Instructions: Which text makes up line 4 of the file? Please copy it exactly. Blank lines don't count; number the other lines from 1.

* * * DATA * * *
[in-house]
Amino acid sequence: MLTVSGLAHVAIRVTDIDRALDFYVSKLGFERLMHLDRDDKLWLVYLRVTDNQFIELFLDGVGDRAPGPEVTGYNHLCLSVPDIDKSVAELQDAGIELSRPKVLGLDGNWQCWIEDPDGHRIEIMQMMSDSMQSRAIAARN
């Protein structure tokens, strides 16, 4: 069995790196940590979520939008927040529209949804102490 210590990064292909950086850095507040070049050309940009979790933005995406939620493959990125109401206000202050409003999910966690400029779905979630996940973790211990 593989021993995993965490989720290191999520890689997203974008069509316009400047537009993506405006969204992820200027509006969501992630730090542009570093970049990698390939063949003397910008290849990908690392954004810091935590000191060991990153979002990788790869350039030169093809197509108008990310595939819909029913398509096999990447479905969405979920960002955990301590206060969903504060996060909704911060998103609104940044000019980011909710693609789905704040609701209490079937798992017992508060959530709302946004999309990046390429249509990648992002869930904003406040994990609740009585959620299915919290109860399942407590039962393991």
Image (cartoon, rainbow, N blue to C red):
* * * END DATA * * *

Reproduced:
Image (cartoon, rainbow, N blue to C red):